Reloading the privilege tables will ensure that all changes made so far
will take effect immediately.
Reload privilege tables now? [Y/n] <-- ENTER
All done! If you've completed all of the above steps, your MySQL
installation should now be secure.
Thanks for using MySQL!
3 Install PureFTPd With MySQL Support
Fedora's PureFTPd package supports various backends, such as MySQL, PostgreSQL, LDAP, etc. Therefore, all we have to do is install the normal PureFTPd package:
yum install pure-ftpd
Then we create an ftp group (ftpgroup) and user (ftpuser) that all our virtual users will be mapped to. Replace the group- and userid 2001 with a number that is free on your system:
groupadd -g 2001 ftpgroup
useradd -u 2001 -s /bin/false -d /bin/null -c "pureftpd user" -g ftpgroup ftpuser
4 Create The MySQL Database For PureFTPd
Now we create a database called pureftpd and a MySQL user named pureftpd which the PureFTPd daemon will use later on to connect to the pureftpd database:
mysql -u root -p
CREATE DATABASE pureftpd;
GRANT SELECT, INSERT, UPDATE, DELETE, CREATE, DROP ON pureftpd.* TO 'pureftpd'@'localhost' IDENTIFIED BY 'ftpdpass';
GRANT SELECT, INSERT, UPDATE, DELETE, CREATE, DROP ON pureftpd.* TO 'pureftpd'@'localhost.localdomain' IDENTIFIED BY 'ftpdpass';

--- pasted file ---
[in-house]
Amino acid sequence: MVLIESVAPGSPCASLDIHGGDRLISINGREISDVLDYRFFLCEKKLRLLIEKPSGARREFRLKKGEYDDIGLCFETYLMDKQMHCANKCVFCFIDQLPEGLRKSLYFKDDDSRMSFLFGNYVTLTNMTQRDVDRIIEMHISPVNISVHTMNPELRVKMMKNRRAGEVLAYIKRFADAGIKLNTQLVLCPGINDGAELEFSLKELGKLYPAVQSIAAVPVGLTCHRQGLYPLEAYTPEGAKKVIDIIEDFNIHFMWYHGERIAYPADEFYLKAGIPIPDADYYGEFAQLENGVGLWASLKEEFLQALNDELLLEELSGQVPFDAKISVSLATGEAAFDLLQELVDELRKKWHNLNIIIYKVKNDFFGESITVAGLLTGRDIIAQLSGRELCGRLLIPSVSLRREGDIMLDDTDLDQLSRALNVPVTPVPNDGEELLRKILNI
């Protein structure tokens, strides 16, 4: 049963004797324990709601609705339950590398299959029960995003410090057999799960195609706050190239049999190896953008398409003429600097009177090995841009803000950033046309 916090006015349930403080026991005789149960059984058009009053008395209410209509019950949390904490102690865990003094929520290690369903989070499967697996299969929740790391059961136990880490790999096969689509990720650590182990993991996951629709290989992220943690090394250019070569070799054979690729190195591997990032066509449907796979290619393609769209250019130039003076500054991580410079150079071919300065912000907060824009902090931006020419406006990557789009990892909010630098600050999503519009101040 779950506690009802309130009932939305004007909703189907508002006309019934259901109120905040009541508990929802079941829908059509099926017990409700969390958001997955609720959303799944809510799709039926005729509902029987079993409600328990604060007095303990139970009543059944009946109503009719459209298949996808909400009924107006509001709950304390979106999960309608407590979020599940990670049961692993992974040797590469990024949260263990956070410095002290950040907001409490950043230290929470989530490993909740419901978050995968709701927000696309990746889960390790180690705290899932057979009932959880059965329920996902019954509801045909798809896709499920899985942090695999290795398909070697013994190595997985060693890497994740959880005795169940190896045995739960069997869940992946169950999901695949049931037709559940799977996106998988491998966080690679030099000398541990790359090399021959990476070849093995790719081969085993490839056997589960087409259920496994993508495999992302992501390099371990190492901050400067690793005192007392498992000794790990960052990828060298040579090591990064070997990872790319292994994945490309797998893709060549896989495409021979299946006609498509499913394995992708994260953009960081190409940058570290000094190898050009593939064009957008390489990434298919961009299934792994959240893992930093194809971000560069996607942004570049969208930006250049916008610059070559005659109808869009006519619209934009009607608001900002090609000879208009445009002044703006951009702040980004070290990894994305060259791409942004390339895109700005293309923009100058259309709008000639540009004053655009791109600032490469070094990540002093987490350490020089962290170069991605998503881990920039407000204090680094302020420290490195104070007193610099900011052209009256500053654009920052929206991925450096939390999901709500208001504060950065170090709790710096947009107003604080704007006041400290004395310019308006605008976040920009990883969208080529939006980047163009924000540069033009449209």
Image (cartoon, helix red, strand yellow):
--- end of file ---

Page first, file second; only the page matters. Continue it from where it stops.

Replace the string ftpdpass with whatever password you want to use for the MySQL user pureftpd. Still on the MySQL shell, we create the database table we need (yes, there is only one table!):
CREATE TABLE ftpd (
User varchar(16) NOT NULL default '',
status enum('0','1') NOT NULL default '0',
Password varchar(64) NOT NULL default '',
Uid varchar(11) NOT NULL default '-1',
Gid varchar(11) NOT NULL default '-1',
Dir varchar(128) NOT NULL default '',
ULBandwidth smallint(5) NOT NULL default '0',
DLBandwidth smallint(5) NOT NULL default '0',
comment tinytext NOT NULL,
ipaccess varchar(15) NOT NULL default '*',
QuotaSize smallint(5) NOT NULL default '0',
QuotaFiles int(11) NOT NULL default 0,
PRIMARY KEY (User),
UNIQUE KEY User (User)
As you may have noticed, with the quit; command we have left the MySQL shell and are back on the Linux shell.
BTW, (I'm assuming that the hostname of your ftp server system is server1.example.com) you can access phpMyAdmin under http://server1.example.com/phpMyAdmin/ (you can also use the IP address instead of server1.example.com) in a browser and log in as the user pureftpd. Then you can have a look at the database. Later on you can use phpMyAdmin to administrate your PureFTPd server.